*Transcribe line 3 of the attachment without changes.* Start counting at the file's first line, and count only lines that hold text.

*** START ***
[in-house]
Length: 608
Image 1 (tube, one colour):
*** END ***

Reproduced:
Image 1 (tube, one colour):